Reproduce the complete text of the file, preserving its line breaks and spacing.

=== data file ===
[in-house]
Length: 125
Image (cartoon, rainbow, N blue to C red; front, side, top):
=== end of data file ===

[in-house]
Length: 125
Image (cartoon, rainbow, N blue to C red; front, side, top):